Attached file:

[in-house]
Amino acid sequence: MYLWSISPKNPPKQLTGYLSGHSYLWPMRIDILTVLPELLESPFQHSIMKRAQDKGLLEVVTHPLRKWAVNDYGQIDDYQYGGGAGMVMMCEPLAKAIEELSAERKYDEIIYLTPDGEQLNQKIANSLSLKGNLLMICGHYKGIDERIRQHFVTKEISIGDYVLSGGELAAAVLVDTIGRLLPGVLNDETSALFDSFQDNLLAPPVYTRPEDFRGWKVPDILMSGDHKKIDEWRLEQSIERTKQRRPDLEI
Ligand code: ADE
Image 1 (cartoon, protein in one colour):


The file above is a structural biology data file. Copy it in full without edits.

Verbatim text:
[in-house]
Amino acid sequence: MYLWSISPKNPPKQLTGYLSGHSYLWPMRIDILTVLPELLESPFQHSIMKRAQDKGLLEVVTHPLRKWAVNDYGQIDDYQYGGGAGMVMMCEPLAKAIEELSAERKYDEIIYLTPDGEQLNQKIANSLSLKGNLLMICGHYKGIDERIRQHFVTKEISIGDYVLSGGELAAAVLVDTIGRLLPGVLNDETSALFDSFQDNLLAPPVYTRPEDFRGWKVPDILMSGDHKKIDEWRLEQSIERTKQRRPDLEI
Ligand code: ADE
Image 1 (cartoon, protein in one colour):